10 steps bloggers should take to avoid getting sued

September 21, 2012

Being sued over blog posts is bad, and being threatened with legal action can be just as bad.  Saturday morning, at the 2012 Minnesota Blogger Conference, I am presenting on …

10 steps bloggers should take to avoid getting sued

1. Tell the truth

Libel is a claim that a communicator has harmed someone’s reputation by publishing something false.  So truth is the ultimate defense to a libel suit.   A blog post that says horrible things about someone is not libelous if it is true.

2.  Report for jury duty

Sometimes even false posts are legally protected.  That’s because a jury ultimately decides whether the blogger did “what a reasonable blogger would do” under the circumstances.

3.  Focus on the famous

Politicians, celebrities, and other public figures must prove “actual malice” to win a libel suit.  So if you stick to writing about famous people, the risk of legal liability decreases.

4.  Act like the AARP era

Most of a blogger’s legal defenses were enacted with the Mainstream Media in mind.  So emulate the “AARP” generation by Avoiding Anonymous Sources, Attributing Information, Retracting When Necessary, and Publishing Regularly.

5.  Know when truth doesn’t matter

Bloggers do risk liability for publishing true information if doing so is an invasion of privacy.  So don’t publish Social Security numbers or bank-account information, and tread carefully with racy pictures.

6.  Stay local

Most laws governing bloggers are state laws, enforced separately and differently in each state.  So posting about people outside Minnesota increases the chance, complexity, and cost of litigation.

7.  Keep SLAPP in the face

Minnesota is among states with laws that protect against “SLAPP” lawsuits, which are Strategic Lawsuits filed to prevent Public Participation.  The SLAPP laws provide extra protection to bloggers who write about public issues

8.  Picture a troll

“Copyright trolls” patrol the internet, looking for material used without the owner’s permission.  Bloggers are easy prey.   Know where your pictures come from, and get permission to publish if necessary.

9.  Act in moderation

Some believe that bloggers can avoid legal liability by not moderating comments.  I disagree.  Moderate your comments and remove the dicey ones.

10.  Blog as a matter of policy

Read your business and homeowners’ insurance policies for whether you’re covered if you’re sued.  Consider purchasing a separate policy for bloggers.


8 Responses to “10 steps bloggers should take to avoid getting sued”

  1. […] kindly posted his ten tips over on his blog, Media Law Minnesota. They are solid tips, and I urge you to read them. Below are a few tidbits […]

  2. Rachel Ramey Says:

    Sigh. And number 11 – move out of the United States. People here are way too sue-happy, and judges are often completely ridiculous about awarding frivolous lawsuits. (You know, like, “Oh, my gosh! The hot coffee I ordered was actually HOT! I burned myself. Because as an adult of an age capable of legal action, I was still too stupid to realize that hot coffee burns!”)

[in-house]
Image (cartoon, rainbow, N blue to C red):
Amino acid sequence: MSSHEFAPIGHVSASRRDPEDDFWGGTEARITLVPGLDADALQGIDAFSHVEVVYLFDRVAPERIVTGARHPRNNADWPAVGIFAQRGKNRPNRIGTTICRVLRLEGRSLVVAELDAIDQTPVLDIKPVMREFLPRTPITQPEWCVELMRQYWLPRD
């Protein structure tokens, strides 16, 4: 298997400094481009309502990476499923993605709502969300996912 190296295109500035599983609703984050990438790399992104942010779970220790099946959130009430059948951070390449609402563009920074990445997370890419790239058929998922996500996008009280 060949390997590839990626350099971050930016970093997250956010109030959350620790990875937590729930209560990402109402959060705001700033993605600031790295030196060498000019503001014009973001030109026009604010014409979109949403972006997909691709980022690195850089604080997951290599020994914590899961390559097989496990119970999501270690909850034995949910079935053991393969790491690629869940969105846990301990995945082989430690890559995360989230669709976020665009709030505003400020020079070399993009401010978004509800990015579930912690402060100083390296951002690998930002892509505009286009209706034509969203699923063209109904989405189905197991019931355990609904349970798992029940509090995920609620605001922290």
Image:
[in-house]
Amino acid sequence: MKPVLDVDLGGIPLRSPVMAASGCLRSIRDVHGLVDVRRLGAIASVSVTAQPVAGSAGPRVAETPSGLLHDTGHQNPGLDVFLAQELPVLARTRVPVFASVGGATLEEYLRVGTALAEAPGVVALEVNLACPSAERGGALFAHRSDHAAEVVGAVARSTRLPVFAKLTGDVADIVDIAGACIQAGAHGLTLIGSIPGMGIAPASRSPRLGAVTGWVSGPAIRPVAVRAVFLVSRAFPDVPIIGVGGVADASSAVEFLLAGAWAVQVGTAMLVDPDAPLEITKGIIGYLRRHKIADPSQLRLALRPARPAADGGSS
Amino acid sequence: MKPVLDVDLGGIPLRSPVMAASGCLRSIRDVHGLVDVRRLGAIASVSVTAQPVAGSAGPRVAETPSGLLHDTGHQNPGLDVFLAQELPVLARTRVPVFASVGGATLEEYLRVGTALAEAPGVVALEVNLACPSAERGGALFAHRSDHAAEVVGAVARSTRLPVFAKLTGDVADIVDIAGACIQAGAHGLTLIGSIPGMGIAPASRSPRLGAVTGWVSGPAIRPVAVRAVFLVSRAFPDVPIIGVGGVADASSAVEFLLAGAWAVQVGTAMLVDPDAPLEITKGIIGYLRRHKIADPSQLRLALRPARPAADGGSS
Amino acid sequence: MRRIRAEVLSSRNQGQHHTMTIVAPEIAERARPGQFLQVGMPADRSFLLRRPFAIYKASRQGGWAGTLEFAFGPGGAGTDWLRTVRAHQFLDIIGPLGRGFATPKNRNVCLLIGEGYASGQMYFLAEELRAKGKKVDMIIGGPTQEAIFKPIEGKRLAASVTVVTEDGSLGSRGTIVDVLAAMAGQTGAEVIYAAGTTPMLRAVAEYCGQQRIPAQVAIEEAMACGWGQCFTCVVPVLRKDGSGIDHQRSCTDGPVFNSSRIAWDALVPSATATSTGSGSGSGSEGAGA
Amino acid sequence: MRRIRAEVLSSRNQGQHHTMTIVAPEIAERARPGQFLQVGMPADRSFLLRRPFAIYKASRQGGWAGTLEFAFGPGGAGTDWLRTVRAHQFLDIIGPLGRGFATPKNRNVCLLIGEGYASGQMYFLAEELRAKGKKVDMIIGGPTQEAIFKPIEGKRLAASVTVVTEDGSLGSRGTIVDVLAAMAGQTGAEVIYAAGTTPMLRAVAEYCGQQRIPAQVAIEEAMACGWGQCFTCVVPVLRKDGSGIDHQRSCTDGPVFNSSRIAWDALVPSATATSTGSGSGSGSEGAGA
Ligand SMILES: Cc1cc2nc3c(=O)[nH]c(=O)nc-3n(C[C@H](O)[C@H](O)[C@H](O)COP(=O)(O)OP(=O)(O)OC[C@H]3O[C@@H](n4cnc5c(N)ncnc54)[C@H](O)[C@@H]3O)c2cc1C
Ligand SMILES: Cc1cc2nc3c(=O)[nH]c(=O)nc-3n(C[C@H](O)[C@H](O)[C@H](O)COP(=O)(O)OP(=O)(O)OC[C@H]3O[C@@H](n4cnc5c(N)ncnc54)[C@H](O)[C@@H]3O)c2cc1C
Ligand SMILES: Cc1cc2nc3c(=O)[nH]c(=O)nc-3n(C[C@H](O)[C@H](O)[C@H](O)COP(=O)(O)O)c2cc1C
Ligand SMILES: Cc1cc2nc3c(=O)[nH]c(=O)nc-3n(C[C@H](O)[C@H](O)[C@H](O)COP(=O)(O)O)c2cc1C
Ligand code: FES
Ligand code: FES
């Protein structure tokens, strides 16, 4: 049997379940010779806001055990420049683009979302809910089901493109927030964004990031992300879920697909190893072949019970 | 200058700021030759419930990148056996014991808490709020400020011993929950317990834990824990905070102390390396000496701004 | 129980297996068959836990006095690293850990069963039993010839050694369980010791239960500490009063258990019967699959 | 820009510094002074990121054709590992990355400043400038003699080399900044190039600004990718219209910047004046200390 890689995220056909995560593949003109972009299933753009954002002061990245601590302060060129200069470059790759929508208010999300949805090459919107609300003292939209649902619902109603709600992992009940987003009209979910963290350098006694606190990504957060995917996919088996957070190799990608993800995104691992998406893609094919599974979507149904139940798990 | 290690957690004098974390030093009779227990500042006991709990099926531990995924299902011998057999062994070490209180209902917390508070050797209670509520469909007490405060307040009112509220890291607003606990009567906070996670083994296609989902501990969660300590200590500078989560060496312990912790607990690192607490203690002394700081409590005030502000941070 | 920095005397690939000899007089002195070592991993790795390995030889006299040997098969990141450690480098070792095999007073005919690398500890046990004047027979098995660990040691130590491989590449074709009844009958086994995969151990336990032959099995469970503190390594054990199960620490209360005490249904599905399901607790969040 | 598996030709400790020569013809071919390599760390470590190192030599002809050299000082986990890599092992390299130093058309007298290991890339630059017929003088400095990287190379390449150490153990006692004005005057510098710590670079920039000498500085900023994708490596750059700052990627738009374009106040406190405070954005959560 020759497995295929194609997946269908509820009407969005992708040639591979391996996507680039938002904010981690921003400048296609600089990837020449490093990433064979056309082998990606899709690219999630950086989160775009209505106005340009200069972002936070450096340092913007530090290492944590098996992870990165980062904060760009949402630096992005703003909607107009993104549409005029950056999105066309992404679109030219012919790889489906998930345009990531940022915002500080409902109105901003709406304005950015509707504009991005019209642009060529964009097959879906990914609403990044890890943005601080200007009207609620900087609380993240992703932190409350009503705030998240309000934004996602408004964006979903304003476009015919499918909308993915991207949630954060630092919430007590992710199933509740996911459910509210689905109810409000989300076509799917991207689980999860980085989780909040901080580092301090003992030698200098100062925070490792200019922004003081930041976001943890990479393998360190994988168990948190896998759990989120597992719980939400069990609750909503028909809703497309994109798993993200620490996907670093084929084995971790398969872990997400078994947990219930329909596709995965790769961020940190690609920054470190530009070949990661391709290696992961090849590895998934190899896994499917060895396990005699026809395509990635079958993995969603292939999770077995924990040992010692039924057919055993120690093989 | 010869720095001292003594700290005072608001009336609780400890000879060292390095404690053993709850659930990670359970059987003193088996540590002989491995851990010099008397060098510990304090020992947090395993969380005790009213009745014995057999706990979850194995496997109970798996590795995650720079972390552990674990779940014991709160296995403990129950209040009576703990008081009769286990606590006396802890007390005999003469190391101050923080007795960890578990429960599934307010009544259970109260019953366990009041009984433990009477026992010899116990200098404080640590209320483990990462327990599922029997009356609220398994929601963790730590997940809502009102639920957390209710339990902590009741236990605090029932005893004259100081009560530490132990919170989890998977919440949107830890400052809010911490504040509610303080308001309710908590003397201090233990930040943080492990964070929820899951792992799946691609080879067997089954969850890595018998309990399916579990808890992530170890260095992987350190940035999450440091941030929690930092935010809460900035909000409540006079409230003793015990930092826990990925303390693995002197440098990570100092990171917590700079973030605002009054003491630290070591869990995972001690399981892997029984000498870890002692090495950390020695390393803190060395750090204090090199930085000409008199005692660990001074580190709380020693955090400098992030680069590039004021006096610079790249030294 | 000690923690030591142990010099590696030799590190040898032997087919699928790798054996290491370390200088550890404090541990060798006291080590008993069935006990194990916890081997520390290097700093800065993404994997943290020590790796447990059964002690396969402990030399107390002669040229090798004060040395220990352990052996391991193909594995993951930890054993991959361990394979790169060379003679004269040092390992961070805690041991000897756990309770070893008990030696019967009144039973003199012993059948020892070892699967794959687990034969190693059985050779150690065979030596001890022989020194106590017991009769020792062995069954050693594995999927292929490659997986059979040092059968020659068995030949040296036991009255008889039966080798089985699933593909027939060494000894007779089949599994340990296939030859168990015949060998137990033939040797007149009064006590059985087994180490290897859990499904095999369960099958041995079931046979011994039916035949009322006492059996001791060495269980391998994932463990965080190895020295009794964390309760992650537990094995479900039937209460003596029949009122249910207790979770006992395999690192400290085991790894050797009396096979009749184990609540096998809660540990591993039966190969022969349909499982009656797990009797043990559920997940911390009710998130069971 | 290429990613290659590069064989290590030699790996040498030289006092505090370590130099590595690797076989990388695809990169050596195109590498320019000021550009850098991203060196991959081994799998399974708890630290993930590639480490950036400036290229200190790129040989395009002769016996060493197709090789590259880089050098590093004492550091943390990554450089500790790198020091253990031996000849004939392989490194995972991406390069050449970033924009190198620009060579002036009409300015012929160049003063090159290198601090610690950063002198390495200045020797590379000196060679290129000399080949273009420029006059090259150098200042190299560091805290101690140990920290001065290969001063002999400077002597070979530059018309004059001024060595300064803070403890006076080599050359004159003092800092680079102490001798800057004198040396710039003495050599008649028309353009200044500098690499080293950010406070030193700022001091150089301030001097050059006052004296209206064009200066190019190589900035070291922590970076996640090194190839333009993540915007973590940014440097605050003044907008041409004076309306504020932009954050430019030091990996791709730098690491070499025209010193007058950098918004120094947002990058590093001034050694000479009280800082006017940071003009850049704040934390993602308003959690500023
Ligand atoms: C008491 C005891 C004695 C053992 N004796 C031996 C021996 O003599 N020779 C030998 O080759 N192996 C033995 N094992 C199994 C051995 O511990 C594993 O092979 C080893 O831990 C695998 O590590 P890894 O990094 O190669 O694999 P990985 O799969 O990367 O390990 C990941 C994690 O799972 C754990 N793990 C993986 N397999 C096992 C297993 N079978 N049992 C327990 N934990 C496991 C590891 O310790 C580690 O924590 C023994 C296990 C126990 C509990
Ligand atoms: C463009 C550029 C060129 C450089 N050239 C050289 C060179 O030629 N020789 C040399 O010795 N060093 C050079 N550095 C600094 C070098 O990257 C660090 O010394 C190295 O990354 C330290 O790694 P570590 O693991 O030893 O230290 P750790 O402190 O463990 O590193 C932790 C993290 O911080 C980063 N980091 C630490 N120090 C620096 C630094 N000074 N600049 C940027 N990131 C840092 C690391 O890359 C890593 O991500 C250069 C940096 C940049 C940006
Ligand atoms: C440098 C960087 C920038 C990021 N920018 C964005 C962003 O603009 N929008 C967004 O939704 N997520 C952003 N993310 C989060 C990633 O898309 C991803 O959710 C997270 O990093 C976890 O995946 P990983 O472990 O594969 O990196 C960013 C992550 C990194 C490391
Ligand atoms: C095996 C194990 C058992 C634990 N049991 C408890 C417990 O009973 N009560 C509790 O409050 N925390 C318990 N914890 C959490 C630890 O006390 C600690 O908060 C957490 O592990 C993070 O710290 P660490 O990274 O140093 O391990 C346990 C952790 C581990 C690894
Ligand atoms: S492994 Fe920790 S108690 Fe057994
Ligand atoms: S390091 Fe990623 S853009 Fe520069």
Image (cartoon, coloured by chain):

3. […] If you’re interested in what those ten steps are, here is the direct link: 10 Steps Bloggers Should Take to Avoid Getting Sued […]

    • Bosy Says:

      Kathy and everyone that tetiifsed.. I so wish I had known that this was happening!! So behind the times living where we do! I grew up on a dairy farm in Northern Minnesota, raised my children on raw milk until my parents went with the buy out in the late ’80s. I am a STRONG advocate on the health benefits of raw milk and today am fortunate to be able to purchase directly from a local farmer my weekly supply of raw milk. Oh the Stories I could and would love to share! If ever you need help what ever down at the Capital please contact me, I do have several emails but messaging me at facebook will go directly to my cell, or this one would also work too ~ Keep up the GREAT Job!!!!! Becky C.

      • Sumonkadir Says:

        Even if a close friend wants you to use their crdeit card details, I would recommend not doing it.If some random person offered you this, then its for sure illegal or shady. Stay away and protect yourself and the real victim (the true owner of that crdeit card).Besides, if you were to go forward and get away with it, then scammers like the person that sent you that number will just keep on scamming us good people?Make sense?Have a good day and Happy Holidays.

      • Kolopaido Says:

        What a great reoursce this text is.

    • Ester Says:

      Sadly, I missed this buaecse I was at ComicCon and I am only just now recovering.My Dad was on the ARPA net back in the 70 s and supposedly downloaded me a game from it using an old military surplus dial up modem that you would put that handset of a rotary phone in. But my first interaction was with GOPHER SPACE!

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